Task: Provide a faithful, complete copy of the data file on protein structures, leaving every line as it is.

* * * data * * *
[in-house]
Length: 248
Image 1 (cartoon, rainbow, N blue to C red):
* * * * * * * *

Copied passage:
[in-house]
Length: 248
Image 1 (cartoon, rainbow, N blue to C red):